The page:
All text ©2013 Mike Pascale. Visuals ©2013 their respective owner(s).
For the record, I have a personal connection to this movie. Although they don’t know each other, my brother went to high school with director Sam Raimi and two local actors (one of whom he does know). I took a TV production class in high school with the director’s brother (Ted Raimi). The class—my favorite of my entire 13-year public school stint—was taught by Jim Moll, who also had a small part in the film. (Mr. Moll also went on to become principal of my old junior high where I mentored for several years.) And of course, the film was shot in my hometown of metro Detroit.
HOWEVER, I won’t let that color my review (pardon the pun). If it sucked, I’d say so, albeit in a very nice, diplomatic way. Actually, I’d just ignore it and not say anything.
Happily that wasn’t the case!
–I’ve never read a Baum book so for me it was all new and a great story. No idea what was faithful to the books or not.
–Visually stunning. Right from the opening credits. Starts off in b/w like the old Judy Garland WIZARD OF OZ and goes to gorgeous color once James Franco gets to Oz.
–Genuine scares and startles at the right places. Still a Disney flick, so no gore, cursing or sex.
–Acting was superb, especially Mila Kunis (before and after—no spoilers). Though Johnny Depp was the first choice for Oz, Franco brings a “realness” that Depp couldn’t have pulled off as believably. Franco was the perfect “likeable scoundrel” who achieves redemption.
–The China Doll character was effing brilliant! Design, rendering and execution was perfect. She looked amazing on the trailer and didn’t disappoint.
–Nice plot twists; being unfamiliar with the source material, I was genuinely surprised (despite ENTERTAINMENT WEEKLY’s unlabelled spoilers).
–Some genuine “LOL” moments.
–River fairies were cool (but underused).
–Surprise appearance (in non-speaking form) by one of Dorothy’s companions. Look for him!
–Creative inventiveness of both story and characterization. (The characters came up with some cool ideas as well as the writers.)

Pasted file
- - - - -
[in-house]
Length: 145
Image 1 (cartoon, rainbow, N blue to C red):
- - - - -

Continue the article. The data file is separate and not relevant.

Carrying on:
–Bruce Campbell in heavy makeup (as a military officer) is still BRUCE!
–Superlative cinematography and lovely landscapes.
–Though I don’t know if any of it was shot in 3D, the effects worked very well, throughout the film. Unlike most, I didn’t forget I was watching 3D halfway through.
–Danny Elfman music (of course!)
–”Pure Michigan” logo at the end. Nice to see some GOOD publicity for Motown.
–No outtakes/button during/after the credits.
–I didn’t recognize Ted’s part and it was too small (he plays a skeptic in the audience towards the beginning).
–Glinda could’ve been more powerful. Just ’cause she’s good doesn’t mean she has to be easily overpowered.
–As amazing as the China Doll was, the interaction with the live actors wasn’t always perfect. When someone picked her up, it just didn’t look as believable sometimes. (Being picky—but only because everything else was A plus.)
–Some scenes too intense for real little kids (though hopefully not as nightmare-inducing as the 30s version, the scariest horror film I’ve ever seen).
–No ruby slippers! (Disney’s lawyers had their tables turned. Ironically, they were the ones afraid of being sued, so everything had to be “different enough” from the MGM version. The slippers were axed.)
My rating: definitely SEE IT. In the theater. Even if you don’t want to pay for 3D, 3D-IMAX (which would look amazing) DFX or D-BOX, follow the yellow-brick-road and go off to see the wizard on the big screen! And let me know if you enjoyed it.
(Now if I could just get Sam to let me do some boards for his next film…)
P.S.: Although I don’t represent the Lollipop Guild, I’m happy to draw any of the characters (or you or your friends/family as the characters) in a “wicked” commission for a “good” price. My pal Dave Gutierrez has already drawn a killer Oz commission too. Just ask Craig for yours here!